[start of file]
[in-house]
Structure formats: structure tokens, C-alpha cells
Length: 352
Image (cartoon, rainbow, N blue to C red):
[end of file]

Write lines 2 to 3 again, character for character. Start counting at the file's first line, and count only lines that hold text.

Structure formats: structure tokens, C-alpha cells
Length: 352